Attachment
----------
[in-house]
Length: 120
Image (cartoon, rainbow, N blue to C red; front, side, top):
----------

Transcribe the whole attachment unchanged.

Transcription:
[in-house]
Length: 120
Image (cartoon, rainbow, N blue to C red; front, side, top):